Under the NJ intestacy laws, your spouse receives all of your probate property under two circumstances: 1. you have no surviving parents or descendants, or 2. you do have surviving descendants, who are also the descendants of your surviving spouse, and your surviving spouse has no descendants from an outside relationship. If there are no children outside the relationship on either side, you have no children together, and you predecease your parents, then your spouse receives the first $50,000-$200,000, depending on the size of the estate, and then three quarters of the balance. If either you or your spouse has children outside of the relationship, then your spouse receives the first $50,000-$200,000, depending on the size of the estate, and then half of the balance. If you have no surviving spouse, then your estate goes to your children and grandchildren, if you don’t have surviving descendants then the estate goes to your surviving parents and if no surviving parents, the estate goes to their descendants, e.g. your siblings, nieces nephews, etc., and so on.
Under NY intestacy laws, if you have a spouse but no children, your spouse gets everything, if you have a spouse and children, your spouse gets the first $50,000 of the estate and half the balance, with your children receiving the rest. If you have no surviving spouse, the entire estate goes to your children, if no surviving children then to your parents, if no surviving parents then to your siblings, and so on.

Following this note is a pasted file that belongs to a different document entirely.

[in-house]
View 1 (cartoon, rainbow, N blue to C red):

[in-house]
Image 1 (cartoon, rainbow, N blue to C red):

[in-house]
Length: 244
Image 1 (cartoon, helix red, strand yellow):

It is important to note that intestacy laws only apply to property that would have passed through a will. If you have accounts with beneficiaries, trusts, jointly owned property, pensions, life insurance, retirement accounts, etc. this property transfers automatically under the terms of the instrument, and the intestacy laws do not affect them. If your spouse was your beneficiary/co-owner for this property, and you did not change your beneficiary designations on these accounts, or how property is titled, all of this property goes directly to your spouse. When a party files a divorce summons, there are automatic orders that say that, while the divorce case is pending, neither party may make changes to the beneficiaries of their estate or life insurance without consent of the other spouse or without a court order. If you work with an estate planning attorney once you start your divorce, they can work with you to, as much as is legally allowed, to change your beneficiary designations, retitle your property and set up trusts. By doing this, they can ensure that your estate can avoid probate, which is expensive, time consuming and public. As an added benefit, should something happen to you during the divorce proceeding, this property will not go to your soon to be ex-spouse.